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I'm looking for some pointers on class design for a global application.

Let's say I have to make a class structure to manage products, and the products are sold in different countries. Some of the fields for the product will have the same value across all countries (eg. product code, ERP Description) I will call these "international" fields, and some fields will be specific to a single country (eg. Local Description), lets call these "local" fields. Of course, some "local" fields will be the same for groups of countries (es. weight : 1 kilogram / 2 pounds). Also I expect that not all countries will have values for all fields.

Which fields are "international" and which fields are "local" may change from one installation to another and I am reluctant to bake this into the design as I'm sure it will bite me later on.

So, I'm trying to figure out how to structure the objects so that I can use a product at an international level and always refer to the same "product", but also maintain and use the local information when necessary?

Just to be clear, I'm not talking about user-locale, number or date formatting etc. The source data is coming from different database schemas (one for each country). The end product will be written in C#.

I'm wondering if anyone has experience or can point me to a pattern that would provide a good solution to this before I go and reinvent the wheel?

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Is DB schema already defined or can you change it? Any more info about this schema? Because IMO the answer will result a lot on how this schema looks. –  Euphoric Aug 2 '12 at 9:54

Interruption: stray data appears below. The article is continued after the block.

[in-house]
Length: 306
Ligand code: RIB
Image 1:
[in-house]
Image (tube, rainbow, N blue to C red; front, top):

Please clarify how different it is for you to distinguish between international fields and other fields exactly? –  Emmad Kareem Aug 2 '12 at 10:04
    
the "collected" DB Schema is not currently defined, I can define it as I wish. the source data schemas are defined. –  Nick B. Aug 2 '12 at 12:42
    
@Emmad I'm not really sure I understand your question. I think that some fields will be clearly international, and some will change based the data the customer data provides. My experience is that no two customers treat their multinational data in the same way. I can apply the YAGNI principle, make my best guess and backtrack later but I've made that mistake before and would like to ensure that the application is adaptable to diffent companies thoughts on what is international and what is defined at a local company level. –  Nick B. Aug 2 '12 at 12:45
    
@NickB. For a product class, I can't really see a distinction between local and international "properties". I understand that a TV sold in USA may run 120 Volts and when sold in Kuwait may run on 220 Volts only but then we are talking about 2 different product numbers. Also I see that measurements may use different units but that does not mean you store the values with different measures in the database. In such a case, it is best if you store them using a standard measure system and have a conversion based on the country. I raise this point so that you don't over complicate your app. –  Emmad Kareem Aug 2 '12 at 13:20
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4 Answers

up vote 1 down vote accepted

I assume you have a database of some sort. I'd create a factory class that creates the objects (e.g. Product) from the data in the database.

Let's say your designing the Product class. It has some of your international fields:

public class Product
{
    private string ean;
}

For internationalized things like weights I'd write some structs Weight that allows you to set the unit (pounds, kilograms). Use one consistent unit of weight in your database (for example kilograms) and use that to create the object. Then code your ToString to return the value localized in the specified unit. This is similar to how DateTime can take a date/time in UTC and 'localized' it to the user's timezone.